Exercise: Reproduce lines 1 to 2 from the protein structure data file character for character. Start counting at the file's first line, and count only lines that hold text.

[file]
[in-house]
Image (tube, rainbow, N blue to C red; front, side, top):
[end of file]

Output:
[in-house]
Image (tube, rainbow, N blue to C red; front, side, top):